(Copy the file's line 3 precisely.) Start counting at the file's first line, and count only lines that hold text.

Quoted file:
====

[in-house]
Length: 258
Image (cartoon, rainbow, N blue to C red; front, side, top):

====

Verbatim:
Image (cartoon, rainbow, N blue to C red; front, side, top):